Health behavior in children, Parent and child, Parenting, Self efficacy
The issue of childhood obesity has become a pandemic of increasing prevalence and concern. Many behaviors contributing to overweight and obesity, such as dietary intake and physical activity, are learned in childhood. It is known that parents are key agents for change in their children. Therefore, interventions aimed at decreasing childhood overweight and obesity should be targeted at parents. Many parents state that they know the healthy dietary and physical activity behaviors they should adopt for their children, but lack the confidence, or self-efficacy, to enact these behaviors. A review of the literature for self-efficacy for behaviors in these domains in parents, adults and children uncovered many key elements involved. A search for an instrument to measure parental self-efficacy was unsuccessful in locating such an instrument, so several instruments in related domains were analyzed for content and utility for the generation of a new questionnaire. A 34-item questionnaire to measure parental self-efficacy for enacting healthy dietary and physical activity behaviors in their children 6-11 years old was developed and tested with a sample of 146 parents of children 6-11 years old, who could read and write English and had access to a computer with the internet. Internal reliability of the total scale was 0.94 and the two factors, dietary behaviors (DB) and physical activity behaviors (PAB) were 0.93 and 0.94, respectively. Test-retest reliability was also significant (p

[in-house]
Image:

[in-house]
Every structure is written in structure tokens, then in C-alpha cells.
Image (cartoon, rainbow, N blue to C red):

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Doctor of Philosophy (Ph.D.)
College of Nursing
Length of Campus-only Access
Doctoral Dissertation (Open Access)
Dissertations, Academic -- Nursing, Nursing -- Dissertations, Academic
Decker, Jonathan W., "A New Measure Of Parental Self-efficacy For Enacting Healthy Lifestyles In Their Children" (2010). Electronic Theses and Dissertations. 1523.
Restricted to the UCF community until May 2010; it will then be open access.